Determinants of breast cancer knowledge among newly diagnosed, low-income, medically underserved women with breast cancer

Cancer. 2008 Mar 1;112(5):1153-61. doi: 10.1002/cncr.23262.


Background: Among women with breast cancer (BC), greater BC knowledge has been associated with greater participation in treatment decision-making, patient satisfaction, and survival. The objective of this study was to identify modifiable determinants associated with BC knowledge.

Methods: Data were collected from a telephone survey of medically underserved women with BC in California (n = 909). The dependent variable for analysis was BC knowledge. The modifiable determinants that were assessed included 1) physician-patient discussion of BC topics, 2) receipt of written BC-related material, 3) self-efficacy in interacting with physicians, 4) physician emotional support, 5) discussions with a BC survivor, and 6) office visit support by relatives/friends. Multivariate linear regression was used to examine the effect of those determinants on BC knowledge while controlling for socioeconomic factors, clinical characteristics, and treatment received.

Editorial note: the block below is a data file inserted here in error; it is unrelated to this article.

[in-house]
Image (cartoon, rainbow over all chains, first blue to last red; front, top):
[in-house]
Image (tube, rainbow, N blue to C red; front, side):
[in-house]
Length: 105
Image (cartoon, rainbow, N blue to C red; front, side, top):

Results: The average knowledge score was 6.9 (standard deviation, 2.3; range, 0-10). In multivariate analyses among women with less physician emotional support, those with the greatest self-efficacy had higher knowledge scores than those with the least self-efficacy (8.2 vs 5.4; P < .001). For women with low self-efficacy, those with more physician emotional support had higher knowledge scores than those with less physician emotional support when the analysis was controlled for confounding factors (6.3 vs 5.4; P < .001); physician information-giving had no effect on BC knowledge.

Conclusions: The study findings suggested significant associations of patient self-efficacy and physician emotional support with BC knowledge; physician emotional support appeared to be more important than physician informational support. Further research will be needed to investigate whether interventions that target these 2 domains may be effective in increasing BC knowledge in disadvantaged populations.

Publication types

  • Research Support, Non-U.S. Gov't

MeSH terms

  • Breast Neoplasms / psychology*
  • Cohort Studies
  • Female
  • Health Care Surveys
  • Health Services Accessibility*
  • Humans
  • Middle Aged
  • Patient Education as Topic*
  • Physician-Patient Relations
  • Self Efficacy
  • Social Class*
  • Social Support